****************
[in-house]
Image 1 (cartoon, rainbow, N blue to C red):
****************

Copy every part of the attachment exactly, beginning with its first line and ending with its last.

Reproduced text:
[in-house]
Image 1 (cartoon, rainbow, N blue to C red):